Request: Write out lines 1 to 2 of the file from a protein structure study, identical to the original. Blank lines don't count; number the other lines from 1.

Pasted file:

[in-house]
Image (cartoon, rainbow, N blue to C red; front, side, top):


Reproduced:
[in-house]
Image (cartoon, rainbow, N blue to C red; front, side, top):